WASHINGTON (Dec. 15)
President Clinton’s visit to Gaza and Bethlehem this week solidified the Palestinians’ standing as friends of the United States.
But the visit — the first by an American president to the Palestinian self- rule areas — has triggered concern in the Jewish community that this new friendship will come at the expense of America’s historic “special relationship” with Israel.
Clinton’s comments and the symbolism of the visit were widely interpreted as a boost to the Palestinian quest for statehood. For the first time in his administration, the president adopted the language of the Camp David accords calling for the “legitimate rights” for the Palestinian people.
The Palestinians consider the phrase a code word for statehood.
The Palestinians “now have a chance to determine their own destiny on their own land,” Clinton said in Gaza on a trip with all the trappings of a formal state visit.
Turning the tables on Israel, which had labored for decades to convince the Arabs to negotiate peace, the president told the Palestinians they had “issued a challenge to the government of Israel to walk down that path with you.”
The burgeoning U.S.-Palestinian relationship could mean continued rocky times for Israel if Palestinian Authority Chairman Yasser Arafat continues to capitalize on the cool relations between Clinton and Israeli Prime Minister Benjamin Netanyahu.
“For friends of Israel, there is something very sad,” about Clinton’s visit, Henry Siegman, a senior fellow at the Council on Foreign Relations, wrote in an op-ed piece on the eve of the president’s trip.
“The visit should have been a glorious occasion, marking not only Israel’s 50th anniversary but also an extraordinary relationship between the world’s only remaining superpower and the diminutive but vigorous Jewish democratic state,” he wrote.
“But instead of marking a celebration, or serving as an occasion for Israel to express its gratitude to the American people for the constancy of their support, and to a president recognized universally as `the best friend Israel ever had in the White House,’ this visit will take place in a contentious and ugly atmosphere that dramatizes, above all, the deterioration in the relationship.”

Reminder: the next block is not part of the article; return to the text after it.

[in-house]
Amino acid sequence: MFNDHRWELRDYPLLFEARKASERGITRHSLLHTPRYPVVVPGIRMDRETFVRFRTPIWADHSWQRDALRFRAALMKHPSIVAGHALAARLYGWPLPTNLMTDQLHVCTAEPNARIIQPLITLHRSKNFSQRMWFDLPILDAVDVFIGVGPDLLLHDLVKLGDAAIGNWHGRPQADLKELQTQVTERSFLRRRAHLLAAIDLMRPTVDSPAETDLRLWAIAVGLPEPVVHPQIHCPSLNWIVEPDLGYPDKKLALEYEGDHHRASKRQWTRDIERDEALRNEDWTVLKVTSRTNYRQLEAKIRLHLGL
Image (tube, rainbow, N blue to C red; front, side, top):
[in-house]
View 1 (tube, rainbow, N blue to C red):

Many longtime Jewish activists have begun to focus on how this deterioration, coupled with the growing Arafat-Clinton relationship, will affect Israel.
“Ultimately I think it will be troublesome,” said Abraham Foxman, national director of the Anti-Defamation League. “I have that queasy feeling” that the improved American-Palestinian relationship “may be done at the expense of the special relationship with Israel.”
In fact, the American Israel Public Affairs Committee has already begun to lay the groundwork to lobby Congress to serve as a counterweight against the Clinton administration on critical final-status issues, including statehood.
While Israel may lose some short-term battles, some Middle East analysts believe the Jewish state’s special alliance with the United States is not in jeopardy.
The U.S.-Israel relationship is “something quite extraordinary and unique in the annals of diplomacy,” said Daniel Pipes, editor of the Middle East Quarterly.
In fact, this week’s trip is Clinton’s fourth to Israel since becoming president. He is the only president to visit Israel more than once while in office, the White House pointed out.
“America’s relations with Arabs have gone up and down, and have not fundamentally affected the U.S.-Israel relationship,” Pipes said.
“I’m concerned about the short-term tactical relationship but not the long-term strategic” one, said Pipes, who is predicting a confrontation between the United States and Israel on the peace process.
If this week’s trip is any indication, the Palestinians will continue to score points at Israel’s expense.